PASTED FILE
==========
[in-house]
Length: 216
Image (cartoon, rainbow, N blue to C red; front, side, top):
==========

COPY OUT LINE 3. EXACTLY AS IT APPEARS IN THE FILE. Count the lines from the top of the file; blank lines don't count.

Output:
Image (cartoon, rainbow, N blue to C red; front, side, top):